Celebrating Some New Beginnings
Posted January 6, 2021
Even as COVID continues to challenge all of us emotionally, spiritually and institutionally, I am reminded of some signs of new life here at St. Martin's which give me hope and inspiration. Through the Fall, our new LIFT Liturgy at 9 a.m. grew steadily and eventually reached a peak attendance of 55 people. Considering that its predecessor service often had one or two families present during the first year of COVID this is a remarkable sign of the Holy Spirit blessing our ministry. I want to thank the Rev. Barb Ballenger and our Minister for Children and Youth Anne Alexis Harra for excellent design, planning and leadership of this new initiative. Once COVID subsides —and it will—I believe this service will continue to flourish by providing a warm welcome to young families seeking a church home.
A key strategic commitment that helped shape LIFT is the notion that the primary source of faith formation for children is the family. LIFT offers intergenerational family-based formation after worship to encourage and reinforce families in their Christian formation function. Supporting families is what we pledge to do at baptisms and LIFT fulfills that vow in thanksgiving that families are the primary way faith is passed down through the generations.
We also saw a successful relaunch of the Chorister Program at St. Martins led by our new Director of Music Tyrone Whiting. A program that struggled with four or five participants before COVID now has 11 children at weekly rehearsals. Tyrone is a great recruiter and a marvelous teacher with children. The Choristers have already shown terrific improvement in their singing and we cannot wait for COVID to relent so the ensemble can lead music at worship. Chorister programs are a great tradition in the Episcopal Church and they provide both musical and spiritual formation to children. Our goal is to continue to build this program. A successful Chorister program is a key component in our overall mission to serve families.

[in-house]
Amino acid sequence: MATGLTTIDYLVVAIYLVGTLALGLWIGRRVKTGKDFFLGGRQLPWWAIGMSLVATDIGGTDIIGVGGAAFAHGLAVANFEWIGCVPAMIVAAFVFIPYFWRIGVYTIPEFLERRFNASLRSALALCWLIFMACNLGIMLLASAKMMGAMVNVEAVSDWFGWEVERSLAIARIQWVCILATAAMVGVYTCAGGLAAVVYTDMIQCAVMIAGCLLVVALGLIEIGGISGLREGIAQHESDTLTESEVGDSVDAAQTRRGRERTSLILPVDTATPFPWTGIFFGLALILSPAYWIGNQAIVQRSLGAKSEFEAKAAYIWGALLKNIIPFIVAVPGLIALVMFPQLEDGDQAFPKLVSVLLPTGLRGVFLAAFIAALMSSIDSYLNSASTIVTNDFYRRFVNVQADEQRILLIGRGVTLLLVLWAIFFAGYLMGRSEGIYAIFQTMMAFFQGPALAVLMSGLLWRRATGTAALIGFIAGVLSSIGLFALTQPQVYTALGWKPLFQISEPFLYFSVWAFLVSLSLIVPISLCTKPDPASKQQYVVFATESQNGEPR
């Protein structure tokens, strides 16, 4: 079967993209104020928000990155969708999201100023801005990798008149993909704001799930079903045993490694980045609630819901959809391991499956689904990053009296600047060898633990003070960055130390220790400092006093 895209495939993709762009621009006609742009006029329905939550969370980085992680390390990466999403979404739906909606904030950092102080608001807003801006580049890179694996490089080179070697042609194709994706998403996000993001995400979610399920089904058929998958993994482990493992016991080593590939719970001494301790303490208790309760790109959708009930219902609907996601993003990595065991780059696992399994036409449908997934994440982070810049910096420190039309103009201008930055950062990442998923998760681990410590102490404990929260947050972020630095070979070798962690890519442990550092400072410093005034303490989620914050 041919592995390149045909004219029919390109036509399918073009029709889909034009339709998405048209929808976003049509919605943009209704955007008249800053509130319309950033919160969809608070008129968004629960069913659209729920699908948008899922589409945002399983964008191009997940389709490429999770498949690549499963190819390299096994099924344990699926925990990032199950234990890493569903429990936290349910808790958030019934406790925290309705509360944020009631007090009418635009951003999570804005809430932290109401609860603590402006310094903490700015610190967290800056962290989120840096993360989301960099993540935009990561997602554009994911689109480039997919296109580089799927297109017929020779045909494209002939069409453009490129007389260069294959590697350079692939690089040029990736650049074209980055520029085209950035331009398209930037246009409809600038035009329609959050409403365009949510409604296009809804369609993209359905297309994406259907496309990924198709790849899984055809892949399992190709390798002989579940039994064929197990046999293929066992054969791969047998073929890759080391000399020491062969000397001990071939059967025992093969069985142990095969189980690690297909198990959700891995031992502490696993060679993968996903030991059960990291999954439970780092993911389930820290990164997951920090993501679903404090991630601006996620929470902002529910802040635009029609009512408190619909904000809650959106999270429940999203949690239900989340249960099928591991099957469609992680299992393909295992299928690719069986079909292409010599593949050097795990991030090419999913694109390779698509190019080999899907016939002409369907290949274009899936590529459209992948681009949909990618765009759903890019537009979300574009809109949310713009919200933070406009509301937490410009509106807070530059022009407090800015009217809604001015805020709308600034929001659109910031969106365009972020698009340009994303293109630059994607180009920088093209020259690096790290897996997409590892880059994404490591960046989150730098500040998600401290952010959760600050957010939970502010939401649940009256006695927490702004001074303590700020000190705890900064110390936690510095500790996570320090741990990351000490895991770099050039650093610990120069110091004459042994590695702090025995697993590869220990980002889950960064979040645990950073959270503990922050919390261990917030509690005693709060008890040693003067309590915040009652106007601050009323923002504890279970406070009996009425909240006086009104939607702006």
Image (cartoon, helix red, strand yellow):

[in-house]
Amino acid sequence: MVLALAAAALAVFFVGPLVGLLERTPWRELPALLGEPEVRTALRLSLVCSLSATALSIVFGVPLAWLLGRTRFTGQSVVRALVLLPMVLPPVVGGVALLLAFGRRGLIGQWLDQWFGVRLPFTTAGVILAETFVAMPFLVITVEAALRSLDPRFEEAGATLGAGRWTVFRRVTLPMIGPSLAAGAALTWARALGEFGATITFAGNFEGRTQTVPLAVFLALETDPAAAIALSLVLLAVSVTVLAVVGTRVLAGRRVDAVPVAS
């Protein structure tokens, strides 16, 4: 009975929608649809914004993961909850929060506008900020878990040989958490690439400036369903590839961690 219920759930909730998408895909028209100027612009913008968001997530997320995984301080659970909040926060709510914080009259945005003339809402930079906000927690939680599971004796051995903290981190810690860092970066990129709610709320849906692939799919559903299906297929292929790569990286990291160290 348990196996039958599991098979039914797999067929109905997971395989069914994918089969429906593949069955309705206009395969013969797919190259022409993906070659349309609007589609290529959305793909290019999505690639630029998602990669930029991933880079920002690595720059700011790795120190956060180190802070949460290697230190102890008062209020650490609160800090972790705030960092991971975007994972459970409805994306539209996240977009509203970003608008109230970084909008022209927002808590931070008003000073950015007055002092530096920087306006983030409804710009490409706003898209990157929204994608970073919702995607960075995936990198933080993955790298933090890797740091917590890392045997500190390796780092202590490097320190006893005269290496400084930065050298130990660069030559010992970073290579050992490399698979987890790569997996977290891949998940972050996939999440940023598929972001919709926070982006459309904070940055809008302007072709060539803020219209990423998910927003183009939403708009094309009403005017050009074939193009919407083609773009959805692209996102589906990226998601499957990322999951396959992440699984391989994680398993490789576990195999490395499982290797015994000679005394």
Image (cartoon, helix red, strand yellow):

Thank you to our church staff and all the lay leaders who have helped us rebuild our Children and Family Ministries during the ravages of COVID. Families and children have really struggled with the challenges of COVID at home, school and other activities. We are seeing a very real mental health crisis among children and youth as a result of the stress and strain of the last two years. It is my belief that our faith and our faith community have much to offer all who suffer or struggle or carry the pain of isolation and loss. I am so grateful to be in a church community that is prepared to support all ages as we learn and grow in the face of real adversity.
The Rev. Jarrett Kerbel
The Rev. Jarrett Kerbel
(215) 247-7466 ext. 101
The Rev. Jarrett Kerbel (he/him) was educated at Northwestern University, the University of Chicago and Union Theological Seminary in New York City. He was ordained Priest in 1995 in Danville, Pennsylvania where he worked as a Hospital Chaplain and a Head Start teacher. Pastoral positions followed at the Church of St. John the Evangelist in Flossmoor, Illinois, St. Paul and the Redeemer in Chicago, and then Rector at St. Mary’s Episcopal Church in Park Ridge, Illinois. After following his wife, the Rev. Dr. Alison Boden, to her new position in Princeton, New Jersey, he was called to be the Executive Director of the Crisis Ministry of Mercer County. The largest food pantry and the gateway agency for Homelessness Prevention services in Mercer County, the Crisis Ministry also runs a Welfare to Work program and an innovative free farmers market. Jarrett became Rector of St. Martin’s in February 2011. He formerly served as the co-chair of Philadelphians Organized to Witness Empower and Rebuild (POWER). Jarrett serves as Dean of the Wissahickon Deanery and is an Associate of the Order of the Holy Cross. He is an Adjunct Professor at Princeton Theological Seminary where he co-teaches a regular class on Faith Based Community Organizing, Theology and Practice. Jarrett has been published in Sojourners, the Huffington Post, Yours the Power, and the Journal of Public Theology. He is the father of two children, Timothy and Martha.